Originally Posted by Seankill
Well, depending on how you define out of date, the IPhone comes out with outdated hardware. Now I own a IPhone 4 and love it. However, Steve is wrong, there is no one size fits all. Otherwise, It wouldn't exist. I am in college(Engineering); so a lot of my friends like to mess with coding and stuff. The android is open so they can do this. I do not know anything about that stuff, so a phone that works great and does most of the same thing, IPhone is better for me. (Until they get more than like 20% thinner than the Iphone 4, then ill jump to android, simply cause I don't get Apple's thing with things being 1mm thin. I want to hold something, not air.
What outdated hardware are you talking about? Yes, I could have an A5 chip instead of an A4, or an 8MP camera instead of 5 -- but what makes the phone useful and valueable to me is not how many pixels Apple crammed on the screen or CMOS, it's what I do with the phone.
Cramming more pixel density onto that size CMOS just in order to be able to say "10MP Camera" on the spec list isn't going to help me take better pictures or scream "up to date" hardware at me. What tells me Apple is up to date is that they are considering other things about the camera -- lens elements, quality of lens, backlighting, color sensitivity and range, speed of response, etc.... and, sure enough, the software for actually taking a picture, thank you very much.
Because of Apple's model and committment to getting OS updates out quickly to even older devices, because Apple wants me to be happy with the phone I have, then I start to view the Phone as more than a bag of parts. The whole is greater than the sum of its parts. That approach is unique to Apple; it's refreshing, maybe even a bit magical. On the iPhone, an OS update is giving 2+ year-old phones a new lease of life. People are very happy about that.
OTOH, people shopping for an Android phone are forced to look at spec lists, and they are encouraged to look at the last decimal place in terms of GHZ or RAM or pixels and everything else because those are the only things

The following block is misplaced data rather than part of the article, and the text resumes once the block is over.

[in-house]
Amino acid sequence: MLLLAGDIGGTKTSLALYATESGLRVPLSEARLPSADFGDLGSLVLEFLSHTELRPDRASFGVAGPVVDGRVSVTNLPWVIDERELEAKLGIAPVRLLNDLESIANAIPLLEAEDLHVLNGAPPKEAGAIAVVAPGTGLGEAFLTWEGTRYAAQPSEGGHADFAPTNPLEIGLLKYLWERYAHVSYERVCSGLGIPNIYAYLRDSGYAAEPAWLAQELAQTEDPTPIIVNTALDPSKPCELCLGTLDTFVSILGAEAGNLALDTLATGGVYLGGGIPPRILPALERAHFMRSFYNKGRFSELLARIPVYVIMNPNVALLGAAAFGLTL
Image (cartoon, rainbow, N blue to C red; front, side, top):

that differentiate the phones -- it is constant one-upmanship between the handset makers and the individual handsets becuase the makers must
provide some candy and diversion in order to sell devices.
The Android OS has become the commodity part, and the handset makers have to find other ways to stand out -- they aren't doing it through better service or customer satisfaction; they are, as the article suggests, creating buyers' remorse and making you unhappy so that you will buy a new phone!
But what good are all these specs, these latest components, this up-to-date hardware, if the features depending on them are barely usable, are not supported, or are non-existent in a device because I can't easily get an OS update (short of being an engineering nerd who loves to root his phone)? From the chart we can see just how out of date
most phones actually are.
Also, bear in mind that we don't know what Apple has pulled off inside the A4 and A5 SoC. They have done a lot of in-house custom work on them. Yes, they might have started with an off-the-shelf ARM design to base part of it on, but to call much of Apple's stuff "outdated" is a little disingenuous. Then there are the engineering processes with metal and glass, new ideas for antennas that make room for more battery; and of course, there are the advancements in power management and batterylife itself.
So, just because the stock
parts that Apple does include might not be as flashy as the latest and greatest Android phone released last week, it's far more likely that these are design and strategic decisions (and the inevitable trade-offs) that allow Apple to deliver other, more
advanced hardware elements than competitors would or could.
Really, your argument is just a deflection from the fact that a lot of true innovation and up-to-datedness is accomplished in the software and in elements that don't make the me-too-spec-list.